For me it wouldn’t be about the gender of the parent on duty, but how well I know them. If I only know my kid’s friend and the friend’s (divorced) mom, but have only briefly glimpsed the dad picking-up/dropping off, then I’d say no sleepover. But I’d say the same thing if I knew the dad and not the mom.

    Of course, I realize even people you know could be child molesters, but it’s not a gender thing.

  2. Samantha Vanlandingham says:

    I was raised by a single father & just can’t believe people would assume that all men are molesters. Why can’t children of single (divorced or widower) fathers still have as normal a childhood as possible? If a oarent has reason to BELIEVE the man would harm their child, thie child should never be left with this person. Stop assuming every person is out to get you or your child. Also people need to realize that women can do just as much harm to a child as a man so the best thing is to know who your child will be staying with no matter if it’s a man or woman!!!

  3. Tammy says:

    Men aren’t the only people on sex offender lists. There are females too.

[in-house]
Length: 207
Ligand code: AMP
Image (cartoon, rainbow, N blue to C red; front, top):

4. Karen says:

    Since I wouldn’t even leave my daughter alone with my own father, I’d have to agree with Paone.

  5. Geneva says:

    I would say not judge the gender, but to get to know the parent instead. Also educate your children on what is inappropriate and what they should do if an adult tries to touch them wrong or do something wrong.My best friend in middle school and high school lived with her divorced dad. I spent the night over there several times and he was a good person and wasn’t a molester. My mom’s rule was always talk to the parent’s first and if you get some sort of weird vibe do not allow the child to sleep over there. Sadly anyone can be a molester so instead of assuming a single dad is possibly a perv, try to educate your children and know who they are with. Set up a meeting of sorts with the parent and maybe as a test run only allow your child to do short daytime visits until you are more comfortable with the idea of a sleep over.

  6. Mindy says: